By Alois Vinga
THE ZIMBABWE Association of Doctors for Human Rights (ZADHR) has called on the government to scale up public campaigns which demystify the current myths associated with the Covid-19 vaccine uptake.
In a statement to mark the World Health Day, the doctors group noted the low uptake of the vaccine as a matter of grave concern.
This comes after Zimbabwe recorded 32 new Covid-19 cases and six deaths Tuesday.
According to government statistics, a total of 139 133 people have received their first vaccine dose while 23 500 have received their second vaccine since the start of the inoculation programme in February.
However, health experts have described uptake as poor.
“ZADHR notes the poor uptake of vaccination across the country and urges the Health Ministry to do more on vaccine literacy through enhanced public campaigns to popularise the vaccine roll-out plan and on dispelling myths and misconceptions for the purposes of promoting demand for, and uptake of vaccines in the country,” the doctors group said.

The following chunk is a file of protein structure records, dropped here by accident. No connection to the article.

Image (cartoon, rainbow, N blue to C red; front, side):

The association also urged the government to invest more in financing the procurement of more vaccines and expanding the geographic reach of the programme.
“By and large, we take this opportunity to reinforce our commitment to partnering the Government of Zimbabwe and other stakeholders in the fight against the pandemic and its attendant consequences to build a strong and resilient health system in the country,” ZADHR said.
Despite President Emmerson Mnangagwa and his deputy Constantino Chiwenga having publicly vaccinated against Covid-19, the majority of Zimbabweans are still reluctant to follow suit.
The opposition political party, the MDC Alliance and some sections of the society have accused the government of providing limited information on the vaccine.
The ZADHR also noted the poor, indigent and marginalised communities have suffered the most due to the Covid-19 pandemic.
“The situation has further amplified gender, social and health inequalities and calls for governments across the world to ensure that citizens, especially the marginalised, are protected from the negative effects of the pandemic socially and economically,” the ZADHR added.